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Raise Up made me feel the same feeling Pumping Iron did -- it might be the next coming, but it could potentially be more powerful.
- Marc Missioreck, VP of Sales and Sponsorships, TheFitExpo
Calisthenics, a natural movement exercise system, utilized by warriors, healers and athletes since times immemorial experienced unprecedented rejuvenation during the dawn of the new millennium. Exploding from NYC parks with Hip Hop sensibilities, yet based on classical strength training protocols of reps and sets these new urban bar masters effortlessly changed the collective consciousness of the world.
Fueled by the rise of social media, extreme calisthenics or “street workout” spread rapidly across the globe. It took hold wherever the disenfranchised devoured all aspects of American youth culture especially in Eastern Europe where the focus on body-weight and movement visually echoed Soviet style military exercises. Leagues were formed. Styles evolved. And a distinct divide developed between the old school originators of the movement and the new school practitioners of the sport.
Raise Up: The World is Our Gym keenly documents the transformation of this vibrant subculture from its NYC beginnings to international competitions. Along the way we learn, no matter which way the branches of the tree grows, it's strength remains rooted in social awareness, community building and youth empowerment.
David Iversen is a video and film producer, director and editor based in Raleigh, NC. In 1997 he wrote, directed and edited the noir-styled narrative film, "Chesterfield". Since 2000 he has focused mainly on documentaries including the award-winning "Live and Let Go: An American Death" in 2003 and "1000 Brothers & Sisters" in 2007.
David began his career in filmmaking at University of North Carolina - Greensboro where he majored in Communications with a concentration on Broadcast Production. While there, he quickly became enamored with the process of filmmaking and form a student group dedicated to the art and science of Super 8mm and 16mm film. Several award-winning student films were produced in this period but sadly most have been destroyed or lost.
After graduation David went on to work on several shorts with other local filmmakers and eventually made the 35mm feature film narrative in 1997, "Chesterfield", garnering awards for cinematography and directing. After that, he discovered a love for editing and documentary work. In 2003 he edited the powerful award-winning end-of-life documentary "Live and Let Go: An American Death". Shortly afterwards, he co-directed and edited "1000 Brothers & Sisters", a documentary about the history of one of the south's oldest continuously running homes for orphaned children, The Masonic Home for Children in Oxford, NC.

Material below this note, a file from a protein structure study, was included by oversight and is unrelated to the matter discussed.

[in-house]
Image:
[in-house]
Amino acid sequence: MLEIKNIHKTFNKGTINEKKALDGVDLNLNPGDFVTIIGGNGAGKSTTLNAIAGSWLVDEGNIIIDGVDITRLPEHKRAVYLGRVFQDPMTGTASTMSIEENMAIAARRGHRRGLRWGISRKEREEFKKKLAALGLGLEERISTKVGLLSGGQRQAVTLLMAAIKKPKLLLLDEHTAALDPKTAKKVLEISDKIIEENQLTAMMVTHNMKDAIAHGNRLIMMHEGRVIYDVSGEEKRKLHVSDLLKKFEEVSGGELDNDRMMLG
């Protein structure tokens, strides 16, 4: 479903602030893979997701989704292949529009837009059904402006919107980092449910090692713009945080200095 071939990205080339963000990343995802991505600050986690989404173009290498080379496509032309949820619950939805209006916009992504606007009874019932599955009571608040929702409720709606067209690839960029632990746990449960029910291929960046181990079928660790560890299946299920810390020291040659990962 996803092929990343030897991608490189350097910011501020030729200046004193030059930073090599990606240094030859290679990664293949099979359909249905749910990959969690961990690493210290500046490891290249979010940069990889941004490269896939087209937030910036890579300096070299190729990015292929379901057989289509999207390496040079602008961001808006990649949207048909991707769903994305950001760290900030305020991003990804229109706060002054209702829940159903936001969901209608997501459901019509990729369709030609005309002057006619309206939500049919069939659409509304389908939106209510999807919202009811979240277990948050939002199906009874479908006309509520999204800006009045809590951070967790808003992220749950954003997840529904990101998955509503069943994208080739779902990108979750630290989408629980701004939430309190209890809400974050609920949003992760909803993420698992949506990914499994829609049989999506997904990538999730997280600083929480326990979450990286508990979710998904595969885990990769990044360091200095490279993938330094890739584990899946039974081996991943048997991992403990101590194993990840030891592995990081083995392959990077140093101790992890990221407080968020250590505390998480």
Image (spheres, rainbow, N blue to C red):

David is an accomplished video producer and editor in the corporate and industrial world as well working with several large companies and start-ups to brand their products. He lives and works in Raleigh North Carolina. He is excited to be the most recent addition to the Raise Up team and looks forward to the challenges that lie ahead.
B. Rain Bennett
Rain Bennett is an independent international documentary filmmaker who creates projects focused on cultural or social issues, food, music, art and health. Operating under his brand, Flying Flounder Productions, he writes, directs, and produces strong stories that touch the heart.
Since 2012, Bennett has been traveling the world telling the stories of the rapidly emerging Street Workout culture – a freestyle version of calisthenics that emerged in the parks and playgrounds of New York City in the early 2000’s. In the form of a feature documentary, he is the first in the world to introduce this global culture that is organized in over 80 countries, participated by millions, yet still unheard of by the average citizen. Through this journey, he has given public speeches in several countries, taught children the art of Street Workout, built workout parks for orphanages in developing countries, and produced video content for North American and European clients.
A native to coastal North Carolina, Bennett moved to New York City in 2010 and kept busy developing and producing short documentaries, creating powerful video projects for corporate clients, and freelancing for film and television shows. He briefly spent time at Deluxe Entertainment Services, a post-production facility serving the motion picture industry since 1915. There, he served as a Project Coordinator, acting as a liaison between the staff and the clients for some of the largest shows and movies shot in and around New York City.
Before moving to New York, Bennett and Flying Flounder Productions were based in Chapel Hill, North Carolina. Within the first few years after graduating from NC State University, his early work was award-winning and nationally broadcast. Most notably, he was nominated twice for regional Emmy Awards for his role on the Foundation for Biomedical Research’s TV series, "Survivor Tales" (now known as "Bench to Bedside"). Typically focusing on projects that served a social cause, Bennett established a strong reputation for working with non-profit organizations and continues that tradition today.